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Honoring Nations celebrates tribal governance

BOSTON - The Native tradition of storytelling has been called into service in a unique program that identifies, celebrates and shares outstanding examples of tribal governance.

Honoring Contributions in the Governance of American Indian Nations - Honoring Nations, for short - is a national awards program administered by the Harvard Project on American Indian Economic Development at Harvard's Kennedy School of Government.

In late September, 150 tribal members from across the country gathered at the Kennedy School's Malcolm Wiener Center for Social Policy to listen to panel discussions and hear stories about best practices, successful projects, innovative ideas and programs that tribal governments have implemented across Indian country.

''We get to celebrate the successes,'' said Amy Besaw, Brotherton Indians of Wisconsin and Honoring Nations director.

''We spend so much time hearing about and talking about all the bad things going on in Indian country, and to be able to hold up these wonderful stories of the successful ways that tribal governments are serving and meeting the needs of their citizens is empowering. These stories aren't coming from other governments; they're coming from Indian country. These are Native stories and Native examples of solutions to problems. We're not romanticizing anything about Indian country. This is what's going on today. These are our stories today.''

The HPAIED began in 1987 to research and foster the conditions under which sustained, self-determined social and economic development is achieved among American Indian nations. The project collaborates with the Native Nations Institute for Leadership, Management and Policy at the University of Arizona, and is affiliated with the Harvard University Native American Program, an interfaculty initiative.

Honoring Nations was birthed in 1998 with the support of the Ford Foundation. It is a national awards program that identifies and highlights tribal government ''best practices'' in addressing the challenging issues facing the 562 federally acknowledged tribal nations in the country. Honoring Nations is a member of a worldwide family of ''governmental best practices'' programs in Brazil, Chile, China, East Africa (Kenya, Tanzania and Uganda), Mexico, the Philippines, Peru, South Africa and the United States.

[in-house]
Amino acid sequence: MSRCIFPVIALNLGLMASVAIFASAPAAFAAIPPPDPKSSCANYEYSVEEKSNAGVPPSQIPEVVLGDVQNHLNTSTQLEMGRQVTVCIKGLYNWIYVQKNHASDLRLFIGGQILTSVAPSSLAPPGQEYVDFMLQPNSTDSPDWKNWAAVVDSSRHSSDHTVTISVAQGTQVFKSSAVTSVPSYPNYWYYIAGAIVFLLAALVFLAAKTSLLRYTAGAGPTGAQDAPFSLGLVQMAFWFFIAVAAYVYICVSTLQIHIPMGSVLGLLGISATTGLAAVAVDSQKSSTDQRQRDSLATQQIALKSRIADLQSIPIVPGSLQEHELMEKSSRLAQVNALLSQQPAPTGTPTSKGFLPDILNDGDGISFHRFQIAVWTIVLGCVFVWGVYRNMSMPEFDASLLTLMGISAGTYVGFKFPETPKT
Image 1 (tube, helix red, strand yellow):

The program is overseen by a board of governors chaired by Oren Lyons, Faithkeeper of the Onondaga Nation.

From 1999 to 2006, Honoring Nations was on a three-year cycle, presenting $10,000 and $5,000 awards to high honorees and honorees, respectively, for two years in a row. In the third year, Honoring Nations would hold a symposium at which the previous year's awardees would be the featured presenters, sharing their best practices and telling their success stories.

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Starting this year, the program will shift to a two-year cycle, alternating an awards program and a symposium. Awards will be fewer, but bigger. In 2008, Honoring Nations will grant five $20,000 high honors award and five $10,000 honors awards.

Last year, award-winning projects ranged from a local recycling program by the Bad River Band of Chippewa in Wisconsin to a multi-nation coalition of tribal leaders and grass-roots organizers who worked together for the reauthorization of the Violence Against Women Act.

''It was a spectrum of government functions from the very local to organizing for a voice on the national level,'' Besaw said.

This year's symposium included panels on strengthening governance, encouraging civic engagement, the importance of leadership, and sovereignty - an overarching issue that flowed into most panel discussion and conversations.

''We have to increasingly exercise our own tribal governments,'' said Michael Thomas, chairman of the Mashantucket Pequot Tribal Nation, according to a report in Harvard University's Gazette Online.

''Sovereignty means equal parts of authority and responsibility,'' and it demands transparency in tribal finances and governance, Thomas said, according to the report.

Traditional tribal values help, he added.

''Most of what you need, our grandmothers taught us at 3, 4 or 5.''

For more information about the program, visit